I’ve always wondered what else could be found in the Rockefeller Archive Center other than Rockefeller family archives. It turns out RAC is also home to the archives of many philanthropic and service organizations like the Ford Foundation, the Commonwealth Fund, and other organizations that were founded by Rockefeller family members like the Rockefeller Foundation. The Center operates in an actual house that was originally built for Martha Baird Rockefeller, John D. Rockefeller Jr.’s second wife, which makes for a very interesting set up for an archival repository. There were many, many bathrooms in the house, which left me wondering if RAC’s entire archival staff of 25 has their own personal bathroom.

RAC’s digital processing workstation:

RAC’s digital processing workstation

RAC currently uses a FRED (Forensic Recovery Evidence Device) in conjunction with a KryoFlux, and a number of floppy disk controllers, like FC5025, to disk image 3.5” and 5.25” floppies; and FTK Imager to image optical disks and hard drives. The fact that the KryoFlux and floppy disk controllers can be connected to the FRED, and the FRED is able to access the contents of floppies from these devices, is perhaps the most important thing the Princeton team learned from RAC since we were previously working under the assumption that the FRED’s internal tableau write blocker will disallow the FRED’s ability to access these. The Center also has the use of a MacBook in order to be able to image Mac-formatted materials, which is something that our team is thinking of also including in our workstation in the near future since we have, and anticipate, legacy Mac-formatted materials in our collections.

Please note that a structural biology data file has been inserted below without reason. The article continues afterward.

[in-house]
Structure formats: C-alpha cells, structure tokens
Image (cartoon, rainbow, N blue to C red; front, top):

Bonnie also mentioned that they have FTK installed on their FRED workstation, though it requires a lot of manual labor and is considering getting a second processing workstation with BitCurator installed. Neither the Manuscripts Division or our colleagues in the University Archives at Mudd Library utilize FTK or FTK Imager, and so far both we’ve been satisfied with the suite of tools BitCurator provides. Though because donor imposed access restrictions are much more prevalent in manuscript collections than in university archive materials, FTK might be particularly useful to zero in on particular files and folders with varying access restrictions.

Manuscript Division’s processing archives team with Bonnie Gordon, Assistant Digital Archivist for the Rockefeller Archive Center.

One thing that Bonnie said that I am beginning to understand and be critical about is the need for archivists to retool or hack their way through the current tools available to be able to use them for our needs. Many of these tools, FTK and FRED for example, are not built with archivists as primary customers in mind, but forensic investigators who use them to analyze evidence for criminal investigation. These forensic tools, at times, require significant time investments to be able to get them to be responsive to archivists’ needs, which makes hacking, or improvisation, necessary for folks who want to, or are currently doing, archival work for cultural institutions. In our own limited but growing knowledge and experience in preparing digital archives for long-term preservation, we’ve come across some challenges with configuring each discrete piece of equipment with the necessary operating system, hardware specifications, etc. It is like taking on the task of solving a giant jigsaw puzzle:

  • when you first start, you definitely don’t know which piece goes where;